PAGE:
The chameleon of the kitchen, cauliflower transforms into “rice” that, once seasoned and cooked, is remarkably similar to the real thing. It’s a blood sugar-friendly base for this quick yet flavourful Asian-inspired stir-fry.
Grate expectations No food processor? Use the largest holes on a box cheese grater to grate each cauliflower floret into small pebble-sized pieces.
Coarsely chop cauliflower into florets. In food processor, place half of cauliflower and pulse until cauliflower has the texture of rice or couscous. Be sure not to overprocess or it will get mushy. Add to large bowl. Repeat processing with remaining cauliflower. Set aside.
In small bowl, whisk together soy sauce, rice vinegar, sesame oil, honey, and chili sauce.
In wok or large high-sided skillet, heat peanut or grapeseed oil over medium. Add chicken and heat until browned throughout. Remove chicken from pan and set aside. Place carrots in pan and heat, stirring often, until softened. Add shallots, garlic, and ginger; heat for 30 seconds. Place half of cauliflower in pan and heat for 3 minutes, stirring often, or until tender. Add remaining cauliflower and heat for another 3 minutes, stirring often. Stir in chicken and peas. Pour in soy sauce mixture and heat for 1 minute.
Make a well in the centre of pan by pushing cauliflower mixture to the sides and pour in beaten egg; let egg cook for 30 seconds before stirring into cauliflower rice.
Serve garnished with cilantro and cashews. Squeeze on lime juice just before serving.
In this enchilada riff, we stuff everything into a roasted poblano pepper shell, rather than tortillas, to pack an extra veggie serving into your meal and trim the starchy calories. If you can’t find poblanos, which are mild, dark green Mexican peppers, you can substitute green bell peppers. Flour power Made from nixtamalized corn (corn soaked in limewater), masa harina flour adds a touch of corny flavour to enchilada stuffing or a pot of chili.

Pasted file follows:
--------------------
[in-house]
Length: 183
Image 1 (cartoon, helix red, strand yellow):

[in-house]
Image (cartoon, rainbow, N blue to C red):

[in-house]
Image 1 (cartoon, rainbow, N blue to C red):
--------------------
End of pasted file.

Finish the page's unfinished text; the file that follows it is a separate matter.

These crab-stuffed portobello mushrooms can do double duty as a fancy starter for a casual dinner party or a light main course on any given night. Meaty and umami-rich portobellos serve as a holder for a light-tasting seafood salad. Gills begone Even though the gills of mushrooms are edible, they will darken and discolour everything they touch. Besides, after you scrape out the gills, you’ll have more room for stuffing. And don’t discard the stems; they can be saved and used when making veggie stock.
Serving saucy lentils in squash halves is a sure-fire way to elevate your plant-based menu. And, yes, the whole bowl is edible, skin and all. If desired, you can add dollops of Greek yogurt or sour cream. Spice of life Garam masala, a blend of spices traditionally used in Indian cooking, usually includes cardamom, black pepper, cloves, nutmeg, fennel, cumin, and coriander. It’s great on roasted meats and vegetables.
“Germans do potatoes in general very well,” says Canadian expat Chris Gilles, who now lives in Munich and has celebrated many an Oktoberfest there. “Knödel seem kind of rubbery. You don’t really think it’s potato when you first see it, but it’s tasty.” But he might be surprised to find that this alive -inspired version of Bavarian potato dumplings is made with a combination of potato and cauliflower, because as anyone who’s eaten cauliflower gnocchi knows, the low-carb vegetable is a great way to lighten up starch-heavy foods (and Biergarten menus). Happy Knödelfest! The original version of these snacks are so popular that it even gets its own food fest: Knödelfest, which happens in September in Austria, about a 1 1/2-hour drive from Munich. If alive threw a Knödelfest, these dumplings would definitely be on the menu, served simply as snacks with sliced radishes and fresh parsley or dill, or topped with butter, beer gravy, or mushroom sauce. The dumpling test You can test one dumpling by shaping it and then boiling it before shaping the rest. If the water is lower than a boil and it still falls apart, add more starch to the batter before shaping another ball and testing again.